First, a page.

I am sure that you have already found this about two hundred times in all the other profiles. First Date: I don’t think it matters what we do on a first date, and I am a big fan of simplicity, so a coffee and walk would be just fine.” This is just one example of a profile that will stand out as different and arguable better than most other pages written by guys on the online dating sites.
First of all, for people whose profiles have an average rating, both men and women have an under-50 percent response rate — meaning most of us are not usually getting messages from the actual people we’re trying to reach.
Secondly, instead of hearing from the people we’re pursuing or the charming suitors in jealous male users’ fantasies, we’re often stuck dealing with some pretty crazy messages. The clearly copied-and-pasted message often comes from people who are low matches with me and are clearly not vetting their targets carefully.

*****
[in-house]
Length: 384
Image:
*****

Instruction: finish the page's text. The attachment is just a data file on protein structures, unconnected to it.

So once and for all, here are the 23 types of messages most straight women (or gay women being trolled) have to deal with on Ok Cupid. They’d might as well write “I didn’t read your profile” or “I’m casting a super wide net that you just happen to be caught in.”This approach is especially obvious when they accidentally paste the message twice.
If someone wants to know about my job or field of study, I'd rather they just ask me.
I frequently hear men express envy over what they imagine women’s Ok Cupid inboxes look like.
In their imagination, we are bombarded with eloquent, respectful gentlemen who ask incisive questions to get to know us and make us feel good about ourselves.(If you are a woman who's been on Ok Cupid, obviously, you just scoffed.)It’s time to clear things up.
I’ve developed the habit of automatically hitting “block” when I identify a troll — though some have amused themselves and the rest of us by trolling back.
You don’t have to come up with a poetic essay or shocking attention-grabber.
Or even better, Wikipedia it and ask me an informed question.